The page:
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Minorities face disparities in treatment of ADHD basically through 1) lack of access to treatment options, 2) lack of acknowledgement of the condition as a real condition, and 3) parents’ mistrust and perceived stigma of treatment and medications for the condition.
Many minorities are low-income. This means that they already lack access to health care. They generally get their treatment for serious conditions and less serious ones alike in emergency rooms. Therefore, they are less likely to get treatment for behavioral and mental health conditions.
Second, minorities often do not acknowledge ADHD as a real condition, and therefore do not consider it treatable. They may think that kids are just being kids, and that the behavior is normal. They may think teachers and schools are over-reacting. Either way, they do not see ADHD as a legitimate condition requiring medication, and therefore do not seek treatment.
As a result of lack of legitimacy and lack of access to health care in minority populations, many low-income families face treatment disparities when it comes to ADHD.
There is also a gap created by the differing cultural attitudes between minorities and non-minorities in regards to the stigma surrounding mental health disorders and the mistrust of treatment for those conditions. To investigate this disparity, one study surveyed 70 minority-group families of children with untreated ADHD. Three to six months after questioning these families “about their knowledge and perceptions of the disorder,” the researchers conducted a follow-up survey. These were the results that they collected:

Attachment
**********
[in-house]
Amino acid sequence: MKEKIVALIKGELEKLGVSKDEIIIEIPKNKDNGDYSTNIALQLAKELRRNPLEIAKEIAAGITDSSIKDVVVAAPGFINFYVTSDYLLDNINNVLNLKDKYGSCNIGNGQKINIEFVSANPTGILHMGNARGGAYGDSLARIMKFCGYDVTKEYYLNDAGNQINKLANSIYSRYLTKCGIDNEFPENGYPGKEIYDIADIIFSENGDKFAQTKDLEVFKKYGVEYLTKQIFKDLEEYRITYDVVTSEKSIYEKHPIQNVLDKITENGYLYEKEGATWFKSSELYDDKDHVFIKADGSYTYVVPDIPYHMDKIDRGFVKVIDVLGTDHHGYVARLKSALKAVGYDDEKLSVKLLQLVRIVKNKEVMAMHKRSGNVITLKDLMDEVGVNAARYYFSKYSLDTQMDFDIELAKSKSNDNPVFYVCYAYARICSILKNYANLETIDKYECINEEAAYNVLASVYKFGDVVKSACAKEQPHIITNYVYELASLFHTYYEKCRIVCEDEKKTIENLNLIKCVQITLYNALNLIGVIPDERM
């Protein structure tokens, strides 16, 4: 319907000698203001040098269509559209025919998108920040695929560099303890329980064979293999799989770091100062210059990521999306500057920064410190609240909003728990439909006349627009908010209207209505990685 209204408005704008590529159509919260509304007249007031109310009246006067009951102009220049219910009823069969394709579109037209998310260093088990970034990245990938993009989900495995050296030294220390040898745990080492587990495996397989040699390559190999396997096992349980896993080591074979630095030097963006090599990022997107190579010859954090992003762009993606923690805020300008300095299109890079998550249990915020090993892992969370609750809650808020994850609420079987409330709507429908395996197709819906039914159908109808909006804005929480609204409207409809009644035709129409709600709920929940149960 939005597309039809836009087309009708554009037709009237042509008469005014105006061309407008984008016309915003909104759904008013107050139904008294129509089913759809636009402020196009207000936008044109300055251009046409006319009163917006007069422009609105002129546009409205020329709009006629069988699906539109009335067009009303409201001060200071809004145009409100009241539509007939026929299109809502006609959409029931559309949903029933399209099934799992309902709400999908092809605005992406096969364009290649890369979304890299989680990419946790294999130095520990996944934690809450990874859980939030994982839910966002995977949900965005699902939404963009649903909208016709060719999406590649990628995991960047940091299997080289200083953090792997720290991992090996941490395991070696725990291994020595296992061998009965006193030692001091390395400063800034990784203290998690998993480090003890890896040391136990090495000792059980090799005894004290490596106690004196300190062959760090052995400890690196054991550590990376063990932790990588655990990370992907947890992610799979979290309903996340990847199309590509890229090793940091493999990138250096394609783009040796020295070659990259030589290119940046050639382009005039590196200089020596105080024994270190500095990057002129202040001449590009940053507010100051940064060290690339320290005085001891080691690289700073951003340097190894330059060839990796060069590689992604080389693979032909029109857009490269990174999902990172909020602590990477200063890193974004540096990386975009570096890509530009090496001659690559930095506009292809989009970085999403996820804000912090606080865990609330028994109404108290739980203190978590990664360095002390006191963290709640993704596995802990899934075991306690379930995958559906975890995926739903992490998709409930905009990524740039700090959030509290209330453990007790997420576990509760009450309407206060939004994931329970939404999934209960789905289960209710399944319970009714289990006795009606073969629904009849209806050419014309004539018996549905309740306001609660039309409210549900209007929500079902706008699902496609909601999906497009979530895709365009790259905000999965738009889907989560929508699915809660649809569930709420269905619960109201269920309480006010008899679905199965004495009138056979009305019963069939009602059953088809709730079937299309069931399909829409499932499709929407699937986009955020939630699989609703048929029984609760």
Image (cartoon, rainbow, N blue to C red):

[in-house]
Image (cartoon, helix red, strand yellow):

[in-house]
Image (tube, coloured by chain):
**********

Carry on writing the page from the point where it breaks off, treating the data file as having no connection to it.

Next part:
By the three- to six-month follow-up, 48 percent of the children had not attended any mental health appointments in relation to their condition, while 73 percent of the children had not used any treatments, including medications. (NYU article)
To correct this, the researchers, in a Clinical Pediatrics journal article, “emphasize the importance of addressing parents’ issues of trust, stigma, and the potential effect of medication related to mental health services.” African-Americans, for instance, report greater distrust of diagnoses, while Latino parents generally favor "non-pharmacologic" treatments, fearing that drug medication is "addictive and 'dulls the mind.'" If differing perceptions such as these were better addressed by the medical community, ADHD treatment could become more widely accepted across all ethnic groups.
In the end, two things need to happen before minorities will have equal access to treatment for ADHD. First, we need to deal with the problem of children in poverty; these children lack access to all health care, not just mental health care. Second, we need to acknowledge that there are cultural differences in perceptions of behaviors, as well as treatment of those behaviors. Only after we acknowledge this can we work on educating minority parents about how to help their children be more successful.
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